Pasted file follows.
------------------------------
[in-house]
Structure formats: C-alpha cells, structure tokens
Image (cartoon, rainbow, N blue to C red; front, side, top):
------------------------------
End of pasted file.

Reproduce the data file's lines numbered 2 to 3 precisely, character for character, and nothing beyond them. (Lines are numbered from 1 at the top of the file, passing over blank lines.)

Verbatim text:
Structure formats: C-alpha cells, structure tokens
Image (cartoon, rainbow, N blue to C red; front, side, top):